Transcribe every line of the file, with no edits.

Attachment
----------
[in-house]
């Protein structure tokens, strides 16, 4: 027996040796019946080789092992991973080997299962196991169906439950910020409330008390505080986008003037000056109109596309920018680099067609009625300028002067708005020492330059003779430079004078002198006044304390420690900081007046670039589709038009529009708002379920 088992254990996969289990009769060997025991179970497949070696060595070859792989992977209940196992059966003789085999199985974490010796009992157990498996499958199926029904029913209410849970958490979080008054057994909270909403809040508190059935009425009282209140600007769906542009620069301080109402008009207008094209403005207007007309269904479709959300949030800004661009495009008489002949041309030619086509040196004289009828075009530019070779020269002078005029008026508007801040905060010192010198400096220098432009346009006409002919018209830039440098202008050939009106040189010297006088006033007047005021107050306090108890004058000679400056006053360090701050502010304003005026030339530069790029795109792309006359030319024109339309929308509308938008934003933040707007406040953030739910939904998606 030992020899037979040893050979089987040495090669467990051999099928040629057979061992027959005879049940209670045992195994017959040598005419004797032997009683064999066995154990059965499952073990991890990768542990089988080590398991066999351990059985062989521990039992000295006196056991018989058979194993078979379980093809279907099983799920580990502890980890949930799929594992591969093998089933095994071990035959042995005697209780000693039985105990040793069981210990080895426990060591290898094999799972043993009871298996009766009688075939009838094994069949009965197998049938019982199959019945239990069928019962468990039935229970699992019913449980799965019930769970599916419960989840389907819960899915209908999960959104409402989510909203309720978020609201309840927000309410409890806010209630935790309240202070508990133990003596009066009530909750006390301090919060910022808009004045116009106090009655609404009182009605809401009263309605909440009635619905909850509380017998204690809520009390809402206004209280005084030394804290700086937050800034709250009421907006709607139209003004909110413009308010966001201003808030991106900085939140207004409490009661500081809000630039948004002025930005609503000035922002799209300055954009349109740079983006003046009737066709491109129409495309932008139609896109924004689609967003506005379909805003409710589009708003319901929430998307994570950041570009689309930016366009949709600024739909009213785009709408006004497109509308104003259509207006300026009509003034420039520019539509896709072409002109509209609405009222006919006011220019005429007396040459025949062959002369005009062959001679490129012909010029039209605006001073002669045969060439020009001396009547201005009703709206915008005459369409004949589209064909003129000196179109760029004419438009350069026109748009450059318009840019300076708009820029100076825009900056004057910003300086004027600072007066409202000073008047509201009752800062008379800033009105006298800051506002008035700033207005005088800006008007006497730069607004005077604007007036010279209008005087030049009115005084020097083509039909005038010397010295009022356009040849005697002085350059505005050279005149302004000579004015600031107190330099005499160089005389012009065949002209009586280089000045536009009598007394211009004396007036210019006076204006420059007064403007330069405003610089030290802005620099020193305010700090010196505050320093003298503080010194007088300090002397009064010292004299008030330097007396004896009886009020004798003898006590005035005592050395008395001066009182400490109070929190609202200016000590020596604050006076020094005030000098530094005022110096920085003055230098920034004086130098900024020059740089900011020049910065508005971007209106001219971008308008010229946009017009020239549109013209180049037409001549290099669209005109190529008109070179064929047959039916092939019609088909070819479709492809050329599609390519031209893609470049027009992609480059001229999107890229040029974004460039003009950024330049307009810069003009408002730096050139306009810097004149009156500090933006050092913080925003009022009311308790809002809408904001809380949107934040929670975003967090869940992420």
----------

[in-house]
């Protein structure tokens, strides 16, 4: 027996040796019946080789092992991973080997299962196991169906439950910020409330008390505080986008003037000056109109596309920018680099067609009625300028002067708005020492330059003779430079004078002198006044304390420690900081007046670039589709038009529009708002379920 088992254990996969289990009769060997025991179970497949070696060595070859792989992977209940196992059966003789085999199985974490010796009992157990498996499958199926029904029913209410849970958490979080008054057994909270909403809040508190059935009425009282209140600007769906542009620069301080109402008009207008094209403005207007007309269904479709959300949030800004661009495009008489002949041309030619086509040196004289009828075009530019070779020269002078005029008026508007801040905060010192010198400096220098432009346009006409002919018209830039440098202008050939009106040189010297006088006033007047005021107050306090108890004058000679400056006053360090701050502010304003005026030339530069790029795109792309006359030319024109339309929308509308938008934003933040707007406040953030739910939904998606 030992020899037979040893050979089987040495090669467990051999099928040629057979061992027959005879049940209670045992195994017959040598005419004797032997009683064999066995154990059965499952073990991890990768542990089988080590398991066999351990059985062989521990039992000295006196056991018989058979194993078979379980093809279907099983799920580990502890980890949930799929594992591969093998089933095994071990035959042995005697209780000693039985105990040793069981210990080895426990060591290898094999799972043993009871298996009766009688075939009838094994069949009965197998049938019982199959019945239990069928019962468990039935229970699992019913449980799965019930769970599916419960989840389907819960899915209908999960959104409402989510909203309720978020609201309840927000309410409890806010209630935790309240202070508990133990003596009066009530909750006390301090919060910022808009004045116009106090009655609404009182009605809401009263309605909440009635619905909850509380017998204690809520009390809402206004209280005084030394804290700086937050800034709250009421907006709607139209003004909110413009308010966001201003808030991106900085939140207004409490009661500081809000630039948004002025930005609503000035922002799209300055954009349109740079983006003046009737066709491109129409495309932008139609896109924004689609967003506005379909805003409710589009708003319901929430998307994570950041570009689309930016366009949709600024739909009213785009709408006004497109509308104003259509207006300026009509003034420039520019539509896709072409002109509209609405009222006919006011220019005429007396040459025949062959002369005009062959001679490129012909010029039209605006001073002669045969060439020009001396009547201005009703709206915008005459369409004949589209064909003129000196179109760029004419438009350069026109748009450059318009840019300076708009820029100076825009900056004057910003300086004027600072007066409202000073008047509201009752800062008379800033009105006298800051506002008035700033207005005088800006008007006497730069607004005077604007007036010279209008005087030049009115005084020097083509039909005038010397010295009022356009040849005697002085350059505005050279005149302004000579004015600031107190330099005499160089005389012009065949002209009586280089000045536009009598007394211009004396007036210019006076204006420059007064403007330069405003610089030290802005620099020193305010700090010196505050320093003298503080010194007088300090002397009064010292004299008030330097007396004896009886009020004798003898006590005035005592050395008395001066009182400490109070929190609202200016000590020596604050006076020094005030000098530094005022110096920085003055230098920034004086130098900024020059740089900011020049910065508005971007209106001219971008308008010229946009017009020239549109013209180049037409001549290099669209005109190529008109070179064929047959039916092939019609088909070819479709492809050329599609390519031209893609470049027009992609480059001229999107890229040029974004460039003009950024330049307009810069003009408002730096050139306009810097004149009156500090933006050092913080925003009022009311308790809002809408904001809380949107934040929670975003967090869940992420």